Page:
The Fed is extending its lending programs until the end of the year


The Federal Reserve said Tuesday that it is extending its menu of lending programs to businesses, governments and individuals to the end of 2020.

Originally set to expire Sept. 30, the myriad facilities, stretching from credit to small businesses up to the purchase of junk bonds now will stretch to Dec. 31.

The Fed began rolling out the initiatives as market functioning broke down in March. A lack of liquidity stemming from fears over the coronavirus crisis froze markets and pushed the central bank into various credit facilities, a number of which had their origins during the financial crisis.

“The extraordinary Federal Reserve response to the COVID-19 pandemic, supported by Treasury’s equity capital, has played a vital role in improving liquidity and restoring market function,” Treasury Secretary Steve Mnuchin said. “Through this extension, we will continue to support the flow of credit to American workers, businesses and municipalities.”

Treasury had to sign off on the extension as it provides funding, which the Fed can then use as collateral to lever up.

Programs covered include facilities for primary dealers and money markets, corporate bond purchases on both the primary and secondary markets and the most recent rollout, the Main Street Lending Program. 

A lending program for local and state governments already had been set to run to Dec. 31 and the commercial paper facility, which provides short-term funding for businesses, expires March 17, 2021.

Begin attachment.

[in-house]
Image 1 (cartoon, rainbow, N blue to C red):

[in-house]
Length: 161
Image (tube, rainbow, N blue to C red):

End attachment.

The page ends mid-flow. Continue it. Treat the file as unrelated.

Today's Vocabulary

1. myriad (adj.)
large in number, or having great variety

2. bonds (n)
official paper given by the government or a company to show that you have lent them money that they will pay back to you at a particular interest rate

3. liquidity (n) 
fact of being available in the form of money, rather than investments or property, or of being able to be changed into money easily

4. equity (n)
value of a company, divided into many equal parts owned by the shareholders, or one of the equal parts into which the value of a company is divided

5. collateral (n)
property owned by someone who wants to borrow money, that they agree will become the property of the company or person who lends the money if the debt is not paid back

  1. What had the Treasury had to sign off?

  2. Why is FEd extending its lending programs?

  3. What does the lending program include?

  4. According to the article, what is the date of the original expiration date of lending?
  1. Is it possible to create a successful business without borrowing any money at all?

  2. What happens when a business fails to repay its loans? Have you ever experienced this?

  3. Do you think that banks should make it easier for small businesses to take out loans?

  4. Do you think that borrowing money is always a risk?

  5. Have you ever taken out a loan in your life? What was it for?